We have come a long way since the AIDS epidemic of the 80’s and 90’s. Some of the groups that the HIV intervention programs focused on are men having sex with men and transgender women. In fact, that is how the fight against Section 377 of the Indian Penal Code that criminalises “unnatural sexual” relationships began as liberation is key to queer people’s health. Despite the advancements since, queer people are still bullied in schools and rejected by their families, resulting in them turning to high-risk activities for relief and escape. On the other hand, the intervention programs have not caught up with technological changes posed by dating apps.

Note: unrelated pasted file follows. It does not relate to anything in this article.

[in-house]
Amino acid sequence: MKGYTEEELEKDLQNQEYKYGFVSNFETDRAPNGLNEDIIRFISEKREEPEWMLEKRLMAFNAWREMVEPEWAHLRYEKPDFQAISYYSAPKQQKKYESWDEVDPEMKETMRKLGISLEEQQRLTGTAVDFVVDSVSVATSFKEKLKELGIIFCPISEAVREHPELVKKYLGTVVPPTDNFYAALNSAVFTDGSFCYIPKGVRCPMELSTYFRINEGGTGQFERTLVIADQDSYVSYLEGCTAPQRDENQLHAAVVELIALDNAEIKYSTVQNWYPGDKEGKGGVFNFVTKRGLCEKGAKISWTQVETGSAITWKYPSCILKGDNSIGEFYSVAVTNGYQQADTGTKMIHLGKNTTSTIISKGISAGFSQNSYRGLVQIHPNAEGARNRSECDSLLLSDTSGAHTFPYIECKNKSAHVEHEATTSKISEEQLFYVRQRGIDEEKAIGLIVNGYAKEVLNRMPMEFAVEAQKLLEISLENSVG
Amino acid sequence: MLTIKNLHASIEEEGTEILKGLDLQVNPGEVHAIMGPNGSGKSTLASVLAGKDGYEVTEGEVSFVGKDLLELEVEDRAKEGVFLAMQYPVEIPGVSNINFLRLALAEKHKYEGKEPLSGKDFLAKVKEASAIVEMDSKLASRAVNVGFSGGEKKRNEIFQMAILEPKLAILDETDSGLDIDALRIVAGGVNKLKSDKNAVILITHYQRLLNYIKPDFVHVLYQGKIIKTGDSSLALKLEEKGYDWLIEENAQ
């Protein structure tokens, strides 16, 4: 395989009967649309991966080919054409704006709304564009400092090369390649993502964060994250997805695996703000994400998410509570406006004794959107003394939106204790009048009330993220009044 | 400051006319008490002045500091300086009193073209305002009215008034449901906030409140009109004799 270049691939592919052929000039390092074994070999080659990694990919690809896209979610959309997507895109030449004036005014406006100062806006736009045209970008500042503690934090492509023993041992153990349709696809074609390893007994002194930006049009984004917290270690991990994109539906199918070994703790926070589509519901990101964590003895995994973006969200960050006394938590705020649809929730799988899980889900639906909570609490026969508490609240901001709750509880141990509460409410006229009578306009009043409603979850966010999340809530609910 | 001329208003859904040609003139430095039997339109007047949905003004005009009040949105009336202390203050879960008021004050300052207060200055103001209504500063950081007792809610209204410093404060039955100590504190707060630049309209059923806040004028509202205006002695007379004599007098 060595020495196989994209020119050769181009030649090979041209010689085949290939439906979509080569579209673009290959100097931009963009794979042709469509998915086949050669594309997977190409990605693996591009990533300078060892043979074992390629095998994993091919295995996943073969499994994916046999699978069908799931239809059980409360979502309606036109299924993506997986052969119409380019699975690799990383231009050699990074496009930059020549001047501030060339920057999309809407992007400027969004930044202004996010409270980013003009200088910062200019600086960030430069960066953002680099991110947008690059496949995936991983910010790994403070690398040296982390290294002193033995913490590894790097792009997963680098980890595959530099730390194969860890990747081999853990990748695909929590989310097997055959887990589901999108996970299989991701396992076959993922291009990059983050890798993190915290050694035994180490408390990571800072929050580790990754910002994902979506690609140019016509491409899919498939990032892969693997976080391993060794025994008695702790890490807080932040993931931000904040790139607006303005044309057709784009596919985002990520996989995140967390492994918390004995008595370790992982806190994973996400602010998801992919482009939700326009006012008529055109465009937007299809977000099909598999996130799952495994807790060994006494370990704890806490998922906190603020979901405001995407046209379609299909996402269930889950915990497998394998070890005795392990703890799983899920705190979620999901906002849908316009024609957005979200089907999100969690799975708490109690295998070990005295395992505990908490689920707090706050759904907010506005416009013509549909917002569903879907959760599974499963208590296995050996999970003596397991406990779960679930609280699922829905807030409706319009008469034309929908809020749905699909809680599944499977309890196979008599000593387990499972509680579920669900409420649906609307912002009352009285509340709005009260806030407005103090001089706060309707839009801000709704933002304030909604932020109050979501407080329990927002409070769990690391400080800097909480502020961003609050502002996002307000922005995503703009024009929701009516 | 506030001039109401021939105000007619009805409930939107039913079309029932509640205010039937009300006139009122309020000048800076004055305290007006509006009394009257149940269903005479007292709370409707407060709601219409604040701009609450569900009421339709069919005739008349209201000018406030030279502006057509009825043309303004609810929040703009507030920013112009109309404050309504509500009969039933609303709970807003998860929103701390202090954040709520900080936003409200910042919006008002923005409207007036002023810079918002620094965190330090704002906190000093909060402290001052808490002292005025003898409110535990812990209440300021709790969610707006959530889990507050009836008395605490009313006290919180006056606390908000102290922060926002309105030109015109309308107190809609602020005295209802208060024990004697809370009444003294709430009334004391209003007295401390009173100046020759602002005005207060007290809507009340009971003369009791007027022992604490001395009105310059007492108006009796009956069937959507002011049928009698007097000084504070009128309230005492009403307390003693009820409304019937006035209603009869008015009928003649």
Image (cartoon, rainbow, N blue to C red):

We are embarking on an LGBTQ miniseries about all things queer in India today. For our first episode, reporter Suryatapa Mukherjee spoke to policy researcher Avinaba, HIV activist Firoz Khan, and a young person living with HIV, Vishwas*. Avinaba is a genderqueer person and a research fellow at the University of California, Los Angeles, and the co-founder of Pleqsus India foundation. Firoz Khan is a gay man who works with Alliance India on HIV outreach. Vishwas* is an alias for a 22-year-old bisexual man who contracted HIV as a young teen. We spoke to them about the need for a more comprehensive HIV intervention plan.
(UNAIDS) – India
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